F.A.Q. for Artists

The Basics The PAINTS program is pretty straightforward. Projects range in scope from 3 to 12 hours. We try to keep the logistics and paperwork that surround it to a minimum and keep the focus on the hands-on time working in classrooms with the children and youth. While projects, of course, are made to work for students ranging in age and ability (the program is for grades Primary to 12), there should always be a connection back to the artist's own work. That can take many forms, and is really just something for you to keep in mind as you work with a partner teacher to put a project together.

Annual Deadlines For Artists May 1st & December 1st.

For Schools September 30th & January 30th. In cases where a deadline falls on a Saturday, Sunday or holiday, the deadline becomes the next business day.

What do we mean by "professional artist"? For the purposes of PAINTS, a professional artist:

  • has specialized training in the field (not necessarily in academic institutions)
  • is recognized as such by their peers
  • is committed to devoting more time to artistic activity, if financially feasible
  • maintains an independent professional practice

As a PAINTS artist, how many hours will I be working in schools in a year? Is there a limit? Individual PAINTS artists can work up to 20 hours per school year through the program. Generally, even before we set this limit, most artists would work this amount or less. Schools may apply for up to 24 PAINTS hours per school year. We continue to seek funding support to increase the number of PAINTS hours, but they are finite. Bear in mind that we have artists and schools all over the province doing these projects. Some artists may do 3 hours over a school year, some may do 15 or 20, some registered artists may not have a project in a particular school year. We do encourage schools to work with artists who are close by, so that has an effect of helping to spread the hours out among artists as well.

Do I pick the school, or do they pick me? Ultimately, the school will choose the artist. Teachers and parents sometimes search the database and get in touch with artists themselves. Of course, a great way to get projects happening is to take the initiative yourself. Contact teachers or parents you know in your area. Think about the kinds of projects that you’d most like to do and call a local school to suggest it. It's a great way to inspire them to work with you on a project. There’s a link on this site to the contact information for all of the Public Schools in the province.

Writing an application The project application comes from the school, specifically from the teacher who will be your collaborator on the project. The initial impetus might come from you, a teacher or a parent. The teacher needs to ensure that the school is on board, and that the school or Home and School Association is able to pay the school portion of the fee, $25 per hour. The description of the workshop should be either written by you or in collaboration with you. It’s important that the project works for all concerned – i.e. the size of group for each workshop, timeframes that make the work achievable, etc.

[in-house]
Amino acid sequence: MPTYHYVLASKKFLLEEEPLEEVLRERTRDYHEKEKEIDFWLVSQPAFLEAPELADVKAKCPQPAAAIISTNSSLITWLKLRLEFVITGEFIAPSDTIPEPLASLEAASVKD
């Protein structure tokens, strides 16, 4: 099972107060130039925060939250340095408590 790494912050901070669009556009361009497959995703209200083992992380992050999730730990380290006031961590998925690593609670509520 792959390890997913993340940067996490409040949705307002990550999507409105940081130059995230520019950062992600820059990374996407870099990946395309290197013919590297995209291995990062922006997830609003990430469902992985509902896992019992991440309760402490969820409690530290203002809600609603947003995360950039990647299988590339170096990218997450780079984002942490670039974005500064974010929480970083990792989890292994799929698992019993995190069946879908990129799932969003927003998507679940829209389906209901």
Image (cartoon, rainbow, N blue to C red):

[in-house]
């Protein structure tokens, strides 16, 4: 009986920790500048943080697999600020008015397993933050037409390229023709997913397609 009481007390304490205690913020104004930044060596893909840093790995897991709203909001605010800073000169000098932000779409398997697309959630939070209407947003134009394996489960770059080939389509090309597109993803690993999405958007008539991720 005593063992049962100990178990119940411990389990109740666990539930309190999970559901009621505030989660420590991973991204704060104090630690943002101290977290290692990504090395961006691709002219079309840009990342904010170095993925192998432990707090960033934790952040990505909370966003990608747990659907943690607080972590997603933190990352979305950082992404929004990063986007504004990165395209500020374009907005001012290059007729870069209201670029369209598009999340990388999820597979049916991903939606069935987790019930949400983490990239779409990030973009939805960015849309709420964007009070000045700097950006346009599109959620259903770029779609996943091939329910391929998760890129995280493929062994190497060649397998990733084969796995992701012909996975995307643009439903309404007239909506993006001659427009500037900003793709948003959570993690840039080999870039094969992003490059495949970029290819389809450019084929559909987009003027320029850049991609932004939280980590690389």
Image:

A note on BIG projects Projects (art or otherwise) that involve the whole school can be wonderful events. But, they aren’t usually a good fit for PAINTS. Sometimes a PAINTS project can be a small piece of a larger project that a school is doing with support from other sources. (i.e. 4Cs or Artsmarts). So, for instance, if a school is doing a series of projects that focus on creating a garden, then a PAINTS project could be working with one class to create signs, or stepping stones. It’s also worth mentioning that murals aren’t a good fit for PAINTS either. They tend to require so many more hours than we’re able to support, and they often involve a lot of work to be done that doesn’t involve the students, but rather the artist or other adults working on their own. A PAINTS project could help lay groundwork for a mural - possibly one that works with older students on elements of large scale work so that they could be part of designing and making a mural through other avenues of support.

Hands on support for the workshop We encourage you to leave as much prep work, supply shopping, room set up and clean up to the teacher, students or volunteers as is possible. This not only reduces the workload for you, but it also increases the sense of investment on the part of others in the project.

Getting paid PAINTS artists are paid $50 per hour for project time working with students. The fee is paid to you directly from PAINTS upon the completion of your project. If one project is a large number of hours and spans more than a month, we can make an arrangement to make a payment halfway through. Contact me directly and we can arrange that. For a cheque to be written for you, both the project artist and teacher need to fill out a short online evaluation. Cheques are written every two weeks, so in general, you’ll wait 1 to 3 weeks for payment. Please note: VANS does not issue a T4 for the PAINTS honoraria payments. It is the responsibility of the individual to declare the honoraria amount in the year in which the income is received.

Communication Once you have a project planned with a teacher, make sure to stay in good contact. Email is often great, since we’re all on such different schedules and teachers can almost never be reached during the school day. Also, don’t forget that Andrea is here as a resource. Write or call with questions anytime! 902-423-4694 paints@visualarts.ns.ca